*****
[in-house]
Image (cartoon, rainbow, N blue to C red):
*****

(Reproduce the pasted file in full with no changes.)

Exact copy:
[in-house]
Image (cartoon, rainbow, N blue to C red):